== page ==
At a news briefing on Wednesday an IDF official said it was “preparing for more days” of conflict, in response to a question on whether a ceasefire was imminent.

The official also gave the most detailed Israeli explanation yet of why it destroyed a building housing international media outlets Al Jazeera and the Associated Press, among others, over the weekend.

Journalists work near the destroyed Al-Jala'a building, which housed international press offices, following an Israeli airstrike in Gaza on Saturday, May 15.

The official said the Al-Jala’a building contained the electronic department of the military wing of Hamas, which was researching and developing high-end capabilities for attacks on Israel. The Israeli military has not provided evidence of Hamas’s presence in the building, and CNN has not been able to verify the claim.

Demolishing the building, rather than a more targeted strike, has drawn intense criticism.

Reporters Without Borders, an NGO that works to protect journalists around the world, said it was calling on the International Criminal Court to investigate whether deliberately targeting media outlets constitutes a war crime.

But Israel has repeatedly accused Hamas of “deliberately” operating near buildings like hospitals and schools, thereby endangering civilians who risk becoming human shields.

Now into its second week, this is the deadliest Israeli-Palestinian confrontation since the two sides fought a war in 2014.

Speaking Tuesday following a visit to the Israeli air force base at Hatzerim, Israeli Prime Minister Benjamin Netanyahu said operations would continue “as necessary to restore peace to the citizens of Israel.”

Referring to Israel’s attacks on Hamas and Islamic Jihad, Netanyahu said: “I have no doubt that we took them back many years.”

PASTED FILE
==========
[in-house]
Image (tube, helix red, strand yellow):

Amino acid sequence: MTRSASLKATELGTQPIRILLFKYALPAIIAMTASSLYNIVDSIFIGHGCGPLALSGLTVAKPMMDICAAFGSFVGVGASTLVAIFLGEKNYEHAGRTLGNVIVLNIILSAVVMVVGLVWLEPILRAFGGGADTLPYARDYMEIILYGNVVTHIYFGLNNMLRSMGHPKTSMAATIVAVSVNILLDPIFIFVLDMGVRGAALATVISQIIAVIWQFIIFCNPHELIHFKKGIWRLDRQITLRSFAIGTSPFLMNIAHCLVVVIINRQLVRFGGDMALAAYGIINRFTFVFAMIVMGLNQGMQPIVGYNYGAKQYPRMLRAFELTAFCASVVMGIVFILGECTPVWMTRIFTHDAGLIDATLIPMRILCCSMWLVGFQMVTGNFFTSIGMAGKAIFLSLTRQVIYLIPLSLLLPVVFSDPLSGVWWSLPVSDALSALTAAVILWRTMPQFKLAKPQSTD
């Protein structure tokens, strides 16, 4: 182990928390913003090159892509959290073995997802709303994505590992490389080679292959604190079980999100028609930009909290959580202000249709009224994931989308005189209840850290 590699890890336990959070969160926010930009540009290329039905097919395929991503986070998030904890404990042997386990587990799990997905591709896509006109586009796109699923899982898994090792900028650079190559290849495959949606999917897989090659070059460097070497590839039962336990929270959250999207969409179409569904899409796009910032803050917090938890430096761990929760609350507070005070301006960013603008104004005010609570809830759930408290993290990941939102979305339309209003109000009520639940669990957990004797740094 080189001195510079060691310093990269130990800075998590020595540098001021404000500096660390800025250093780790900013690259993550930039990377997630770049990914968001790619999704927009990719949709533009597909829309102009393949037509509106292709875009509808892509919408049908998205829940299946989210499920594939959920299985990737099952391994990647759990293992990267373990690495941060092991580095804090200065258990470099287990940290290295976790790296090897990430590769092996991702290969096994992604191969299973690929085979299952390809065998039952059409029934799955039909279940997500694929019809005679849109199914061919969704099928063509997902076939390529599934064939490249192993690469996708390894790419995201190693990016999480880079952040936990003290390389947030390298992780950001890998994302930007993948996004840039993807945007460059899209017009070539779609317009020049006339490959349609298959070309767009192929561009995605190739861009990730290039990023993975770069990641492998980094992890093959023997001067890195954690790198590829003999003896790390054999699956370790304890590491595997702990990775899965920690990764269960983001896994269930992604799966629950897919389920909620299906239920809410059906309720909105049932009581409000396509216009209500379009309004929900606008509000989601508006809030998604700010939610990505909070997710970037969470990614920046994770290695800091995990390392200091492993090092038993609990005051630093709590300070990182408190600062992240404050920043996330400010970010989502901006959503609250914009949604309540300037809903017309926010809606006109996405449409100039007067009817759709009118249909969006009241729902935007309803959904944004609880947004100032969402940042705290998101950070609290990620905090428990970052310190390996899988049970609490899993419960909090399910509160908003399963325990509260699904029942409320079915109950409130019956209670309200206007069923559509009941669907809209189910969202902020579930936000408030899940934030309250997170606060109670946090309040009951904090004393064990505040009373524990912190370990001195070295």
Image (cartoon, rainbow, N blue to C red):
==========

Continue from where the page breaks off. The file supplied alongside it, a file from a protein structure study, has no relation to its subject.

Calls for ceasefire

Successful attempts to negotiate a truce between Israel and militants in Gaza have so far remained elusive.

France has circulated a motion for a resolution for the UN Security Council to approve, providing momentum to spur an end to the turmoil.

However, the Council has been unable to approve a legally non-binding statement on the issue, blocked by the United States which told the Council any UN action is not timely and won’t help de-escalate fighting.

Egyptian President Abdel Fattah el-Sisi, left, and French President Emanuel Macron attend a video conference with Jordan's King Abdullah II ibn Al Hussein, on screen, to work on a ceasefire proposal at the Elysee Palace in Paris, on May 18.

“We are calling for a ceasefire, which is what we sent to the UN Security Council. There are very active discussions with the Americans on this subject in particular,” French government spokesman Gabriel Attal said at a news conference in Paris.

Egypt and Qatar’s efforts to broker a truce have stalled over two main points, a senior Hamas leader with direct knowledge of mediation efforts told CNN on Sunday.

One stumbling block is Israel’s insistence that Hamas must initiate the ceasefire, at least three hours before Israel, at which point Israel would follow. Hamas flatly rejected this proposal, the Hamas leader said.

Biden 'expressed his support for a ceasefire' in call with Israeli Prime Minister, White House says

The Hamas source said the other hurdle is Hamas’ insistence that any ceasefire must include the ending of Israel’s “provocations” at the Al Aqsa Mosque in Jerusalem — the third holiest site in Islam — and a resolution of the situation in Sheikh Jarrah, an East Jerusalem neighborhood where several Palestinian families face eviction.

A pro-Jewish settler organization called Nahalat Shimon is using a 1970 law to argue the owners of the land in question before 1948 were Jewish families, and so the current Palestinian landowners should be evicted and their properties given to Israeli Jews.

Palestinians say restitution laws in Israel are unfair because they have no legal means to reclaim property they lost to Jewish families in the late 1940s in what became the state of Israel.

Andrew Carey, Amir Tal, Ben Wedeman, Mick Krever in Jerusalem, journalist Lauren Izso in Ashdod, Ibrahim Dahman in Gaza, Helen Regan in Hong Kong, Tara John and Angela Dewan in London, and Ghazi Balkiz contributed to this report.